Written and directed by Sam
Starring: Santiago Segura, Anabel Alonso, Josema Yuste, Concha Goyanes
The Spanish animated feature Possessed looks like a kids’ movie, but please check the little hellions at the door. Possessed puts an animated spin on The Exorcist and projectile vomit is the mildest thing that comes out of its mouth. The film features a full-blown hell child, obviously named Damian, and he makes Linda Blair’s Regan look like an angel. This absurd animated film is funny, sick, and twisted.
Possessed draws heavily on William Friedkin’s The Exorcist, but the 1973 classic might actually be better suited for family viewing. If Regan makes parents’ cry “earmuffs” during The Exorcist’s line, “Your mother sucks cocks in hell,” then Possessed demands a collective gasp from parents when Damian calls the maid the C-word and tries to have his way with her. This eight-year-old hellraiser pushes the envelope for animated characters. Damian (voiced by Santiago Segura) turns his head in circles, shakes in his bed, and causes ample frights, but he’s also an ungodly terror who kills folks left and right after his dad, a famed matador, dies mysteriously in an accident and his mom, a famed flamenco dancer named Trini (voiced by Anabel Alonso), falls into a pit of depression and addiction.
Possessed features a bit too much exposition as it chronicles Trini’s rise and fall as half of Spain’s equivalent to Brangelina. This information plays out in an exhaustingly long newsreel sequence that plops itself in the middle of the story that introduces Father Lenin (voiced by Josema Yuste), the priest/exorcist/communist who enjoys a sporadic storyline of his own in between scenes that develop Damian’s reign of terror. The awkward pacing corrects itself eventually when writer/director Sam throws some holy water on the backstory and uses it to drive the plot forward. All it takes is a visit to a crazy old gypsy and Possessed puts a flamenco spin on one of horror’s most popular stories. It’s outlandish, totally un-PC, and a loony riot.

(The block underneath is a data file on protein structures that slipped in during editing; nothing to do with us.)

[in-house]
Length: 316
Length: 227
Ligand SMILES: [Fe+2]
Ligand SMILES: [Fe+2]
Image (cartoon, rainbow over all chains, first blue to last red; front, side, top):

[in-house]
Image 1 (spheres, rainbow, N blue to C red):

Animation fans have ample reason to cry Olé! Olé! Olé! as Possessed scares up a madhouse of inventive horror/comedy. The atmospheric contrast of cartoonish innocence makes some of Damian’s spells wickedly funny and the mix of stop motion and computer animation creates a simple but smart palette that smudges the scenery with oodles of claylike blood. (The film has a surprisingly high body count.) On the other hand, Possessed also has a demon of mean-spiritedness at its core as Damian wreaks havoc on unsuspecting innocents and creates a smorgasbord of bloody violence that feels gross and graphic despite the fact that it has no pretense to realism. Possessed takes Looney Tunes violence to the extreme, but it’s an entertaining bloodbath at that.
Sam also cloaks the film in so much madcap randomness that the film never takes itself too seriously, which helps the splat-n-chuckle mayhem. Crazy grannies, saggy clay boobs, and risqué humour are all on the menu here, as are a disembowelment, eye-gouging, unfunny sex worker jokes, Rambo-like men of the cloth, and other goodies not meant for minors. The film hits the motherload of randomness when it culminates in a most enjoyable finale that puts a spin of female empowerment on Possessed when Trini and the Devil fight for Damian’s soul. Rather than a good-old-fashioned exorcism, though, the two have a Simon challenge face-off of flamenco and hard rock. The Devil even drops his balls and rocks with his cock out for the grand finale, if parents want more facts of life to explain to their kids. This R-rated ’toon is a devilish delight for mature audiences.
Rating: ★★★ (out of ★★★★★)
Possessed had its North American Premiere at the Fantasia Film Festival. It screens again on July 24 at 11:55 pm.
Possessed screens in Ottawa at the Ottawa International Animation Festival. (Time TBA.)
OIAF 2015 runs Sept. 16-20.